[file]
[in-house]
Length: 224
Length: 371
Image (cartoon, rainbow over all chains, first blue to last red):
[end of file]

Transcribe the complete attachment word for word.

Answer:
[in-house]
Length: 224
Length: 371
Image (cartoon, rainbow over all chains, first blue to last red):